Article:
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Woman's Art, Selected for Calendar, Source of Strength in Parkinson's Fight

By Zachary K. Johnson
Record Staff Writer

STOCKTON - The paintings hanging throughout Cindy DeLuz's home are as bright, colorful and whimsical as DeLuz, herself, especially when she's talking about the joy she derives from her art.

DeLuz creates her mixed-media paintings and collage work in her Stockton home office, a tidy work space with neat rows of colored paints, a computer and an autographed photo of Michael J. Fox.

That's her hero, she said. "I just love his positive attitude."

That's one thing DeLuz, 50, has in common with the Hollywood actor. They also both have Parkinson's disease.

For DeLuz, it was her diagnosis that led her to painting for the first time in her life at age 47.

"Oh my gosh, it's been my recipe for lemonade," she said, referring to the diagnosis as the lemons. "The art is a big piece of trying to find purpose and meaning behind the disease. A day doesn't go by when I don't paint."

And for the third year in a row, one of her paintings will appear in the Parkinson's Disease Foundation calendar, which is distributed to more than 20,000 people throughout the country. The calendar represents works from the more than 270 artists taking part in the foundation's "Creativity and Parkinson's Project," which explores and encourages the therapeutic value of creative expressions by those with the disease.

The foundation has commissioned her to create other works of art, too.

Parkinson's disease is a progressive neurological disorder that affects 1 million Americans, according to the foundation, and it has no cure.

Before DeLuz was diagnosed, she noticed slower movement in her right hand. She thought it might be carpal-tunnel syndrome. Then she learned it was Parkinson's.

"At first, you're in shock. You're scared to death." She felt isolated and alone, but that changed when she started poking around on the Internet. Her searches led her to the foundation and to stories about other people with the disease.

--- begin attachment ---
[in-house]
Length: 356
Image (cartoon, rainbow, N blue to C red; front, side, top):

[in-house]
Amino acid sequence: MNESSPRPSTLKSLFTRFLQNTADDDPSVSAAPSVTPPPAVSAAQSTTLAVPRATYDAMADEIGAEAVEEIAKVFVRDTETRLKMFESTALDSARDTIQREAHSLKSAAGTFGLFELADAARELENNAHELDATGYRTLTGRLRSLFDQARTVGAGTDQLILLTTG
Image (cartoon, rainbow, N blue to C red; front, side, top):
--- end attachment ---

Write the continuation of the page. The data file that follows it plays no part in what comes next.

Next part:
The disease has changed her life, but not all of it has been bad, she said. "There's a richness that comes if you stop running from it, and you embrace it."

She has taught art in support groups and has gotten over a phobia of public speaking to talk to large groups of people about the disease. And she has made some money selling her art, but she admits she ends up giving a lot away. "For me, it's about sending a message of inspiration."

Words and phrases to that effect pepper some of her paintings.

She also paints something she calls "parkie art." When the symptoms hit hardest, she'll still paint, making pictures that are a little fuzzier than others.

Walking long distances could be tough because of the disease, but DeLuz has a bicycle she customized with paintings of red flowers and words, like "cure," "hope" and "laugh." She's named the bike "Petal."

With the bike, she can jet around the neighborhood with husband Terry and their dogs.

One, a Lhasa apso puppy, is named Mikey.

When he misbehaves DeLuz calls him by his full name: Michael J. Fox.

Contact reporter Zachary K. Johnson at (209) 546-8258 or Visit his blog at

On the web

Art by Cindy DeLuz can be found on her website, For more information about the Parkinson's Disease Foundation, visit

Cindy DeLuz is featured in the 2011 PDF Creativity & Parkinson's Calendar and on our website. Use the links below to browse her works and order your own free calendar.

Browse Cindy's Artwork

Order the 2011 Calendar

Source Date: Jan 05 2011
Source Publication: The Record
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